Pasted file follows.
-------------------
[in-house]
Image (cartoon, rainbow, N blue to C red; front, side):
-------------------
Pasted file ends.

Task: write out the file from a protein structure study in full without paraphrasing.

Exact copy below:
[in-house]
Image (cartoon, rainbow, N blue to C red; front, side):